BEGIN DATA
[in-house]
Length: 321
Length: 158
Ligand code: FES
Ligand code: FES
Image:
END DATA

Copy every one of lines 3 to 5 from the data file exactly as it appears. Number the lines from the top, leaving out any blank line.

Length: 158
Ligand code: FES
Ligand code: FES